To compete in the Francophone World Scrabble Championship, 32-year-old Elisee Poka spent five days in a bus traversing Africa's potholed roads. His competitors from France arrived by plane.
To prepare for the game, he carried a diary in his satchel, spending every spare moment committing words to memory. His French competitors used computers to spit out anagrams, the game's key building block.
But in spite of all their advantages, France lost to an African player for the third year in a row this week in the one-on-one duel at the Francophone World Scrabble Championship.
"We have far less means than the French players," says Poka, who as a child in Ivory Coast made his own Scrabble set out of wood because he couldn't afford a store-bought one. "But we keep on beating them."
There is more than a little irony in the string of wins given that French is the language of West Africa's colonizers. With literacy rates as low as 30 percent in Guinea and 40 percent in Senegal, many Africans still speak local dialects and know only a smattering of French, the language of the elite.
"French is not my mother tongue. I taught myself French when I was in my teens," said Senegalese player Amar Diokh, 53, who clinched the one-on-one title from a Frenchman last year. "So I can't help but feel enormous pride to be able to beat the French in their own language."
Whereas in France the game is viewed as a hobby, in several African countries Scrabble has been elevated to the status of an official sport. Mali's Ministry of Sports paid for 10 players to fly to the competition that ended here Friday. Senegal's minister of sports attended the closing ceremonies of this year's championship and made a declaration calling the tournament one of the year's most important sports events.
Top Scrabble players are celebrities in Senegal and have been able to parlay their success at word combinations into political careers, like former doubles champion Arona Gaye, now an adviser on sports to Senegal.
The game's popularity has meant that even French players have become household names here, like Antonin Michel, a multiple champion from Nancy, France, who has appeared on Senegalese TV. "I get a lot more respect here than I do in France," he said.
The tournament held in Dakar, Senegal's capital, drew more than 500 participants from around 20 French-speaking countries. More than half the countries represented are African. Players are divided by age and play in four major categories — one-on-one, pair-on-pair, speed Scrabble and an open competition in which a giant board is projected on a screen and all the contestants play with the same letters.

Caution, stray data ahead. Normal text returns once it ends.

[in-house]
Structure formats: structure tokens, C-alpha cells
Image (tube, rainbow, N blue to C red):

Although the French-language championship is now in its 37th year, it was not until 2000 that an African player grabbed one of the top honors. When Gaye and his Senegalese partner won the doubles tournament in Paris, the French were shocked — and a tad embarrassed.
"Their victory made an enormous amount of noise," says Michel.
Since then, Senegal hasn't looked back and last year, Senegalese players grabbed three of the top four trophies at the World Championship in Quebec.
No African player has yet won the grand champion title, which is based on scores in the four different competitions. But this year's No. 3 overall player is from Congo. Organizers say it won't be long before a player from the continent breaks the word ceiling.
The success of the African players has sharpened the skills of the French, said one of the tournament's referees, Pierre Salvati, a Scrabble player from Toulouse.
"For many years, the French had a lock on the competition," he said. "So the players started to fall asleep. Now that they're being beaten by the Africans and that motivates us to make sure we keep winning."
Another sign of Africa's growing influence is the number of African words that have been accepted into the official Francophone Scrabble dictionary. The most recent edition has at least 20 African words, most in Wolof, Senegal's main dialect. They include 'yet,' a kind of shellfish found off Senegal's coast and 'mbalax,' the style of music made famous by Grammy winner Youssou N'Dour, Senegal's most famous singer.
Joseph Kouassi, 27, of Ivory Coast, said he was too poor to be able to afford his own boardgame and so he made his first Scrabble set using discarded kitchen tiles. He said every time he gets to play an African word in a Scrabble competition he feels a sense of pride.
"I feel joy to know that not only have I mastered French — a language that isn't mine — but that our African words are helping enrich the French language," he said.